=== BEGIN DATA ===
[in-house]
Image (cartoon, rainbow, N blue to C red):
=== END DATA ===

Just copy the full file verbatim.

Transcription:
[in-house]
Image (cartoon, rainbow, N blue to C red):